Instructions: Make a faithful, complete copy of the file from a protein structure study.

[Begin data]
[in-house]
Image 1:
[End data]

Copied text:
[in-house]
Image 1: